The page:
Bing’s Facebook fans really “like” searching. And they like searching on Bing, it appears.
According to a recent comScore white paper, Bing’s Facebook fans do 68% more searches (on Bing) than the average Bing user. And it extends out a bit further, too: The friends of those fans do 27% more searches than regular Bing users.
As the chart below shows, Bing’s Facebook fans — and their Facebook friends — have more engagement with Bing in several areas: searches per searcher (far left column, and what I used for the stats in the paragraph above), searches per session, searches per usage day and search usage days.
The data was collected during May 2011 as part of a collaboration between comScore and Facebook, and the white paper — called “The Power of Like” — basically serves to show the power of Facebook for brands by looking at how fans and friends of fans interact with branded content on Facebook.
Another chart shows that Bing’s Facebook fans are 55% more likely to visit Bing.com — and friends of fans 33% more likely than the average Internet user. (Bing’s bump is lower than the other companies because has much higher traffic overall.)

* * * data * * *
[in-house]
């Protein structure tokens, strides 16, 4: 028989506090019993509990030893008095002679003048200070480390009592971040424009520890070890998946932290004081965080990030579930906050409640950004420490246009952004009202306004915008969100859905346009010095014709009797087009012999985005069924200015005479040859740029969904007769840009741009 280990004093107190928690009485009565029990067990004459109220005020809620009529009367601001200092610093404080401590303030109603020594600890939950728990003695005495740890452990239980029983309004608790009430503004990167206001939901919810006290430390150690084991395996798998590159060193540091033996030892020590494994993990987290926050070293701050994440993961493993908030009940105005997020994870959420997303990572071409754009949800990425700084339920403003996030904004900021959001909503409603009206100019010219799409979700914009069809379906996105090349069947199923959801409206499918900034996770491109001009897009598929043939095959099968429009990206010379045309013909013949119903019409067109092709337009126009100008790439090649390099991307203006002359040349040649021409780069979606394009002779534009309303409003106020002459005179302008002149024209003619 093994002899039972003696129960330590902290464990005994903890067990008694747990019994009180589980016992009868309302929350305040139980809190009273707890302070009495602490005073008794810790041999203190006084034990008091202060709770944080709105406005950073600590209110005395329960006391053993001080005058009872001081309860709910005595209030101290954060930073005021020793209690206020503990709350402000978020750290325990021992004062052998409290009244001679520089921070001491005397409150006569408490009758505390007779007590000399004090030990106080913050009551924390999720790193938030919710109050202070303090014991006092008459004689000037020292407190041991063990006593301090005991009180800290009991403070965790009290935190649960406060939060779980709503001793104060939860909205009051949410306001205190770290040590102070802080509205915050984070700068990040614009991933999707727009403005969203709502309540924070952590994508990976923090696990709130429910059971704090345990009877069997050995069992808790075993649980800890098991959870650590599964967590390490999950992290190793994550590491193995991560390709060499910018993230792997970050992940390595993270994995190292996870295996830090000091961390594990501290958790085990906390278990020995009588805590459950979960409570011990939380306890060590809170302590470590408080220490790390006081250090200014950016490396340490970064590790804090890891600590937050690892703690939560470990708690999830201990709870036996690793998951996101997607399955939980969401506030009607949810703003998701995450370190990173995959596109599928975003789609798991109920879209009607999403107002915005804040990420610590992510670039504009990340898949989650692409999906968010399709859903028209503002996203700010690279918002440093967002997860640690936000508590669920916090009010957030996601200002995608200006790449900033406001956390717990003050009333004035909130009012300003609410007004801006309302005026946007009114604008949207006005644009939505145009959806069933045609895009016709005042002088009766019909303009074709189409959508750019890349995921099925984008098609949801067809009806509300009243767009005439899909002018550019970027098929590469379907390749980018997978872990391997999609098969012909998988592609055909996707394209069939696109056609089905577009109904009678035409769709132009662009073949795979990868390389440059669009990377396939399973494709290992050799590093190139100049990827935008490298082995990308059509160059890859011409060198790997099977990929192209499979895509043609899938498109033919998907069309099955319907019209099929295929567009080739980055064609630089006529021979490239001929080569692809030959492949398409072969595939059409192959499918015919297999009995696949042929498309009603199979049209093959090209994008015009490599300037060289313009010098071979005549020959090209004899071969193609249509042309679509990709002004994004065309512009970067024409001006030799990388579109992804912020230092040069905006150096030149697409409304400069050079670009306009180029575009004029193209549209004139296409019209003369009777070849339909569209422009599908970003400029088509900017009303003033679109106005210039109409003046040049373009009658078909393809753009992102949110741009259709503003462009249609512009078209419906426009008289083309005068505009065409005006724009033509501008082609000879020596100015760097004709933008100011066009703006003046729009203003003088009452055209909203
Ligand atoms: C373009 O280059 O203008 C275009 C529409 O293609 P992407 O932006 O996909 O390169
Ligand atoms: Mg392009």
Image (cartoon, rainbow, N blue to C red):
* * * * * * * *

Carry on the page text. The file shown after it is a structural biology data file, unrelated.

Bing, of course, also has a good relationship with Facebook at the business level. It has access to Facebook “like” activity for use in shaping search results — something Google doesn’t currently have.
Speaking of Google, you might be wondering about its Facebook fans and their search activity. I was, too.
We’d hoped to be able to compare the search activity of Google’s Facebook fans, but comScore explained that the Bing data is from a “very specialized analysis” and it doesn’t currently have similar data for Google. We’ll be glad to report the comparison the data if it eventually becomes available.